The Brazilian Salmon Pink Birdeater tarantula is a New World species coming from eastern Brazil. They are velvet black with pink hairs all over their bodies. They are actually the 3rd largest tarantula in the world (getting beaten by T.blondi “Goliath Birdeater” and T.aphophysis “Pinkfoot Goliath”) growing anywhere from 9 to 12 inches. They are fast growers being able to grow to full size within 18 to 24 months. They also get to live to be anywhere between 6 to 12 years. Quick fact is that the female can actually lay an egg sack of 1200 spiderlings (talk about a BIG family). They are relatively passive sitting still for display in their enclosures.

 

brazilian pink birdeater

 

Housing:

This is the type of tarantula that you will need a big enclosure for. At full growth you are looking into needing a 25 to 30 gallon tank. Be sure that this tank is has more width and length then it has height. You are going to want to give them ample space to crawl and just enough height to turn over (in the event they need to molt). They are poor climbers due to their large size and weight. They rarely climb and if they do it can be dangerous for them. A fall can certainly cause injuries, bleeding and worse even death. We do recommend you give this tarantula at 3 to 5 inches of substrate. Being from Brazil they are used to a very warm and humid environment and we recommend a temperature of about 76 to 84 degrees with a humidity level of 75 percent. They are not known for using a hide though you can always place one in its enclosure, chances are it will not use it. You will also want to add some bark as something for it to climb and stand on. A fresh shallow water dish should be available with clean water at all times.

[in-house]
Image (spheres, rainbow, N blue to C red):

Feeding:

The Brazilian Salmon Pink Birdeater Tarantula has a very big appetite. They eat constantly and can easily get overfed. You are going to want to feed them only once a week and a large cockroach or locusts should be fine. You can also feed them crickets, moths and occasionally a small lizard, pinkie mice or even small frogs, (they actually do not mainly eat birds) however we do not recommend a steady feeding of lizards/pinkies or frogs due to the potential calcium buildup it can produce in your tarantula’s exoskeleton which can possibly harden to much and become an issue during molting. However there should be no other issues feeding this specific tarantula.

 

Attitude:

Your Brazilian Salmon Pink Birdeater Tarantula is not known for being aggressive at all. They do have one of the worst of urticating hairs which can induce horrid rashes. They are not quick to bite but if provoked will certainly do so. A full grown  Lasiodora parahybana can have fangs up to a full inch in length which can certainly induce some damage should it bite you. In addition they have potent venom which can prompt muscle cramps and pain.

 

You can most certainly handle your Brazilian Salmon Pink but please be careful in doing so. Not being able to hold them properly (due to their size) can make the tarantula flick urticating hairs and worse case scenario bite. You also do not want to drop such a large tarantula as it can certainly be fatal. All in all a must have and definitely great for an intermediate hobbyist who wants a showcase pet.

 

Do you have a Brazilian Salmon Pink Birdeater? Do you have a question or just want to share your experience? Tell us about it! Comment down below!